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Successful Whale Watching

Every fall humpback whales leave their Alaskan feeding grounds to journey to the warmer waters of the Hawaiian Islands. Hawaii is where whales mate, birth and nurse their young. (Whales think Hawaii is romantic, too!) Whales can been seen up close from November through March.

Here are some insider tips for making your boat trek positively memorable:
1. Go with a professional boat company. (See links below.) They know where to find the whales and how to keep you and the whales safe.

2. Choose from catamarans, zippy rubber zodiac rafts, cruise vessels, and sail boats.

3. Bring a camera. A waterproof disposable camera is a good idea because you and the camera will get wet, especially if you stand in the bow area of the boat.

4. Binoculars can help with closer observation of whale behavior. Binoculars on a boat can be tricky if the water is rough. For best results, use 8 x 40 or 7 x 50 binoculars.

5. Dress for the beach. You will get wet. Bring a beach towel and some extra dry clothes in a waterproof bag (see number 2). Also bring sunscreen, a hat, and sunglasses.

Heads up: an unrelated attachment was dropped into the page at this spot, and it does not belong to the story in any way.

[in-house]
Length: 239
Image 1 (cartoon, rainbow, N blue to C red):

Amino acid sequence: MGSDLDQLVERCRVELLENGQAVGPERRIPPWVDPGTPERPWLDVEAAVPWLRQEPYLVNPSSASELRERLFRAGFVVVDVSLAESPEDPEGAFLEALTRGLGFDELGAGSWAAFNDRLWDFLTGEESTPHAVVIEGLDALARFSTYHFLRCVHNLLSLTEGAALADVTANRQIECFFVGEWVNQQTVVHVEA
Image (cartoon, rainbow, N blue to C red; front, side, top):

6. Look for other wildlife such as spinner dolphins, albatross and boobies (the bird variety).

7. Definitely consider taking homeopathic or nonprescription motion sickness prevention medication at least 60 minutes before getting on a boat. If your trip includes the North Shore, know that the winter wave swells in Hawaii can be 10-30 feet high and the ride can get very bumpy at higher speeds. Non-medicated alternatives include: crackers, dry bread, papaya, or ginger. Drink carbonated beverages, especially ginger ale, and avoid alcohol.

Humpback whales can often be seen from land, too. Choose a calm day and an elevated spot on the shore as an observation point for an unobstructed view. When viewing whales from land, 10 x 50 wide angle binoculars are best. Look for the white, v-shaped spouting from the whale's blowhole that often precedes a roll, a fin slap, or even breaching (jumping out of the water).

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